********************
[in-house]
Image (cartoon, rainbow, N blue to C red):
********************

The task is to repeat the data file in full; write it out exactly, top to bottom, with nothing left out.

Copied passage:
[in-house]
Image (cartoon, rainbow, N blue to C red):